Halliburton Is a Buy as Oil Services Heat Up
Douglas is a member of The Motley Fool Blog Network -- entries represent the personal opinion of the blogger and are not formally edited.
As various global macroeconomic events continue to drive the commodities markets, the oil services sector seems to have been largely overlooked by investors. While top names like Halliburton (NYSE: HAL), Schlumberger (NYSE: SLB) and Baker Hughes International (NYSE: BHI) all have appealing attributes at current levels, Halliburton rises to the top as the preferred name amongst these three stocks, each of which I would be happy to own. Based largely on significant upside created by a depressed valuation, Halliburton should be added to your core portfolio at current levels.
While oil services might not seem like a technology driven business at initial glance, innovation and advances are critical to the success of each of these companies. Halliburton currently holds roughly 2900 patents, while Baker Hughes has 3200 and Schlumberger nearly 4000. Furthermore, companies in this space spend huge amounts on research and development (R&D) in order to keep up with competitors. Schlumberger spent nearly $1 billion on R&D last year, while Baker Hughes spent $462 million and Weatherford International (NYSE: WFT) spent just under a quarter-billion. Weaker fundamental metrics leave Weatherford out of consideration herein, but the sector continues to look strong.
Some key areas of development in oil services include reservoir characterization and drilling technology. The former utilizes high-end seismic, wireline and well testing to allow companies to better understand the dynamics of their reservoirs. Both Halliburton and Schlumberger excel in this area. As some evidence of the importance of drill technology, Schlumberger recently acquired Smith International for $11 billion to secure its drill-bit dominance.
The above factors aside, one of the biggest advances in oil services lately has been Halliburton’s invention of PermStim. When a well is fracked to recover oil and gas, the process of hydraulic fracturing requires the use of a material called guar bean to fill the well. The price of this natural resource has doubled in cost over the last three month due to diminishing supply. PermStim is a viable substitute that will allow Halliburton to complete the fracking process for a greatly reduced price. This type of advantage should give the company a significant edge moving forward.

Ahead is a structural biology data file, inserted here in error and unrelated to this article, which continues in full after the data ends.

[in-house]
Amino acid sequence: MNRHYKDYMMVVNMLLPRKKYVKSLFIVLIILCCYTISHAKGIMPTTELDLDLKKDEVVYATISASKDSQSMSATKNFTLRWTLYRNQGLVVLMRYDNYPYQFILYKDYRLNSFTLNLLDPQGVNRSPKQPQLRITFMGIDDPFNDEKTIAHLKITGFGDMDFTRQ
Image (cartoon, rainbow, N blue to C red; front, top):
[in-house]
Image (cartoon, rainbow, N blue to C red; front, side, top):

By the Numbers
On a valuation basis, the fundamentals for each of these three companies are very tight. Halliburton is trading at a trailing P/E of 11.7 relative to 12 for Baker Hughes and 19.3 for Schlumberger. The PEG ratios for the three companies are 0.77, 0.73 and 0.82 respectively; all very attractive pricing for the expected growth in each company. Halliburton boasts an operating margin of 18% relative to 14% for Baker Hughes and 17% for Schlumberger. Lastly, Halliburton reported year-over-year revenue growth of 22% relative to 12% for Baker Hughes and 16% for Schlumberger.
While all three of these companies are tightly clustered in terms of these metrics, the internals of Halliburton’s financials add to the company’s appeal. Halliburton, like most oil service companies, saw a decrease in North American revenue, largely as a result of much lower prices for natural gas. The lower commodity price hurt the sector’s pricing power and led to the revenue decline. The year-over-year revenue growth mentioned above was achieved in spite of the fact that 57% of the company’s business is North American based. Growth in Latin America, Europe and the Middle East was sufficient to more than offset the decline. The company’s ability to successfully navigate in a shifting global environment is a big plus for the stock.
While some investors continue to have concerns over Halliburton’s role in the Gulf and the response of regulators in that region, the global position of the company remains strong. The totality of available information suggests that Halliburton played no major role in the Gulf spill, but some downside for this event is already built into the stock. Ultimately, the strong valuation combined with improving technology makes Halliburton a great candidate for your portfolio. While Schlumberger and Baker Hughes both look solid, Halliburton is the strongest name in the space.
Mr. Ehrman has no positions in the stocks mentioned above. The Motley Fool owns shares of Halliburton Company. Motley Fool newsletter services recommend Halliburton Company and Schlumberger. Try any of our Foolish newsletter services free for 30 days. We Fools may not all hold the same opinions, but we all believe that considering a diverse range of insights makes us better investors. The Motley Fool has a disclosure policy.If you have questions about this post or the Fool’s blog network, click here for information.